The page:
Hate and Freedom of Thought

We all hate hate, but does that justify compromising our most fundamental of freedoms.

René Descartes postulated “I think therefore I am”, reasoning that thought is the very essence of our being.

Freedom of thought is guaranteed by the Canadian Charter of Rights and Freedoms which states:

2. Everyone has the following fundamental freedoms:
a) freedom of conscience and religion;
b) freedom of thought, belief, opinion and expression, including freedom of the press and other media of communication;
c) freedom of peaceful assembly; and
d) freedom of association.
Freedom of thought is meaningless without the freedom to express one thoughts, thus freedom of thought and expression are interlinked in one statement in The Charter.

Popular ideas do not need protection. The very point of protecting freedom of expression in the constitution is to protect the expression of unpopular ideas. After all today’s heresy may be tomorrow’s science, as history has taught us. And it is those that espouse hate that would love to control what other people think and say. We know better.

The irony of combating hate with restrictions on freedom of thought and expression is that it is these very freedoms that are the best protection against hate. The very worst expressions of hate are those that are institutionalized by governments or corporate media. The best defence against such hate is the freedom of ordinary people to challenge it with logic and reason, without restriction on their freedom of expression.

Take, for example, government censorship and control of information and mandatory versions of history. The truth does not require being made “mandatory” or “official”. It can stand on it’s own. Such mandatory versions of history are virtually always false (with one unfortunate exception which is a subject the Fifth Column will examine separately in the future) and often used to promote hatred by authoritarian regimes.

Government restrictions on freedom of expression to fight hatred can also have perverse effects. Should we make it illegal to insult religion in order to combat hatred on the basis of religion. That is actually not such a huge leap of reason and we have seen what can happen when that leap is taken.

Much has been made of the use of the Internet to disseminate hate but the Internet is the best thing that could happen to the spread of hate. The old way was a lot more work for the hate mongers but a lot more effective. They would target susceptible individuals, often alienated or disaffected youth, and would then befriend them and provide them with an onslaught of controlled information via pamphlets and meetings and oratory. They would only see one side of the picture and this would all be done out of public scrutiny.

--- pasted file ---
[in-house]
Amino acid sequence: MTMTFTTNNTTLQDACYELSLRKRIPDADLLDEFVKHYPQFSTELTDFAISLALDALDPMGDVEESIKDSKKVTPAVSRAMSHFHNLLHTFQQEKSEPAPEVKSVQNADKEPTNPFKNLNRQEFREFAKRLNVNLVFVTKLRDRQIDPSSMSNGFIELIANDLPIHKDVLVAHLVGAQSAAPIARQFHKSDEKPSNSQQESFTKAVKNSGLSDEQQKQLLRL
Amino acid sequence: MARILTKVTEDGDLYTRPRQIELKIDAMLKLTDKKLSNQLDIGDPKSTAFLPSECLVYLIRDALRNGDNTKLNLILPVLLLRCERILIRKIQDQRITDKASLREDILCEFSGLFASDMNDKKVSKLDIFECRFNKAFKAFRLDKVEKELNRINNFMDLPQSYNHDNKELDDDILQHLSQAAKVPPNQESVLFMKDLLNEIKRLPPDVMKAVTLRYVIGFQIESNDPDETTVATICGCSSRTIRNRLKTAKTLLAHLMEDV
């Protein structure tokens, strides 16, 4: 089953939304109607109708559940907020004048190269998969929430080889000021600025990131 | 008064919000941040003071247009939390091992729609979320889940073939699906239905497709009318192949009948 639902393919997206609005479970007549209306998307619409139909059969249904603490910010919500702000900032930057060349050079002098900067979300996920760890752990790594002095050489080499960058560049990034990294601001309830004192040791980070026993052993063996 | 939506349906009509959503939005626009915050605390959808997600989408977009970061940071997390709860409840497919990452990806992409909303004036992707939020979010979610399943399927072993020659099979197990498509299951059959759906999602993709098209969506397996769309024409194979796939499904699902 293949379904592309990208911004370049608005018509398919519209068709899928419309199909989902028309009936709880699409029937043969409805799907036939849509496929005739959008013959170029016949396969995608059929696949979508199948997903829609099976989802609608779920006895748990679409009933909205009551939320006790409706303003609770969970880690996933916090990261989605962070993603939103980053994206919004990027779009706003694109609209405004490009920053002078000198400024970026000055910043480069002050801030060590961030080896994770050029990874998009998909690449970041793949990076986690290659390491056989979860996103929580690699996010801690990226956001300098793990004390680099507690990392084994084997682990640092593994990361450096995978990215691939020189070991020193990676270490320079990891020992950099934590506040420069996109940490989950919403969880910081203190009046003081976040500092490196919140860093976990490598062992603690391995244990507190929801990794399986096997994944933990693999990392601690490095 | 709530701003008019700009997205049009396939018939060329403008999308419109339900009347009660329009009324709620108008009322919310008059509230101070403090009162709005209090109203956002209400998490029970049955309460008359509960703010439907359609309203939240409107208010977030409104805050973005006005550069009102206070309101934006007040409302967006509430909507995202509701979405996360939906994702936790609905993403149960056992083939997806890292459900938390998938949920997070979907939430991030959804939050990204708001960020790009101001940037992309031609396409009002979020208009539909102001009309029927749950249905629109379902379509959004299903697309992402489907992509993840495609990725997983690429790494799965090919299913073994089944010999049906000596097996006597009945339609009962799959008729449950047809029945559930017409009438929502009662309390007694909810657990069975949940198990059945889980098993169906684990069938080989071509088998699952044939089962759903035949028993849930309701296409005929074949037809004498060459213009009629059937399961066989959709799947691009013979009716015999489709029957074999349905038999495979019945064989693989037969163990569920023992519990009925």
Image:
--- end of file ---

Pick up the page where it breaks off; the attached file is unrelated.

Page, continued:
With the Internet we all can see the message of hate they are spewing and, more importantly, the target audience using the Internet to access hate messages has unfettered access to all of the counteracting anti-hate information on the web. More often than not the hate mongers will simply end up preaching to the converted, something us bloggers understand all too well.

The only restriction that should be put on freedom of expression is against promoting or counseling others to commit illegal acts that involve violence or cause harm to others and that is where the reasonable limits provision of the Charter comes into play:
1. The Canadian Charter of Rights and Freedoms guarantees the rights and freedoms set out in it subject only to such reasonable limits prescribed by law as can be demonstrably justified in a free and democratic society.
Freedom of expression is too precious to compromise, even with the best of intentions, for the best of intentions can go awry. Allowing the government to decide what are acceptable thoughts for people to express is a very dangerous idea.

We must not let the hate mongers intimidate us into compromising our fundamental freedoms but instead we must take the attitude of Voltaire who wrote: “I detest what you write, but I would give my life to make it possible for you to continue to write”.

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